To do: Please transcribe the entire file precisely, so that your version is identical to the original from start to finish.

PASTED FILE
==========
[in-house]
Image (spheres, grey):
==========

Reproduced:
[in-house]
Image (spheres, grey):